Walter Liebe, senior investment adviser at Pictet Asset Management, believes tech companies are well-positioned and not overpriced.
'Modern tech companies have valid business models with specific products on the market in comparison with companies of the dotcom bubble period. Technology companies' valuations didn’t increase faster than global equities,’ Liebe said at DAB Investmentkongress 2017 in Munich.
He added that the valuations in the sector are way below the level of the technology bubble in 2000, when price-earnings ratios were reaching 44.3 on average.
On 2 August 2017, price-earnings ratios of tech stocks reached 17.5, which is even lower than the MSCI World Technology price-earnings ratio at 19.1.
Robotics and autonomous cars
The asset manager also sees growing potential in the robotics space, as the industry’s sales are expected to increase by 36% by 2020.
He added that the real growth opportunities in robotics lie in the private sector. However, Liebe is less convinced when it comes to autonomous cars.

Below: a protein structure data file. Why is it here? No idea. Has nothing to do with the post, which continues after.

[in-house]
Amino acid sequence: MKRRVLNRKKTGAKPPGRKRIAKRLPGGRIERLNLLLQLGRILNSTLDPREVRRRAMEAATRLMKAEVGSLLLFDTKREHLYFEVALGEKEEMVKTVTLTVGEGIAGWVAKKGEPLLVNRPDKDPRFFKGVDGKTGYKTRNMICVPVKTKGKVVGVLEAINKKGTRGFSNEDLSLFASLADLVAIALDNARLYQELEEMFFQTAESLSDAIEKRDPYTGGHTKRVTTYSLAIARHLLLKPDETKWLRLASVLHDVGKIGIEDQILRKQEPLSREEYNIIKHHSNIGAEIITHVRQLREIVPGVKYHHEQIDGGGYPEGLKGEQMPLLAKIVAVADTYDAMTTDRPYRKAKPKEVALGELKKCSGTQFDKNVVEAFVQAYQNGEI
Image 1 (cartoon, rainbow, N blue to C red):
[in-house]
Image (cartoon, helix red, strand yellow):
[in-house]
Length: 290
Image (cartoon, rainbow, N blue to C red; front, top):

'The assisting systems in modern cars are precursors of autonomous driving, but in my view we are not that far from 2030.'
Liebe said the digital economy is expanding and companies should invest in digital services in order to protect their market share and returns.
‘US researchers say we are experiencing a second machine revolution after the invention of the steam engine. It affects our thinking and penetrates every area of our everyday life.’
In his view this concerns specific traditional businesses, for example trade, which will be forced to face the digital world.
'We are experiencing a massive transformation of business models towards the digital world.'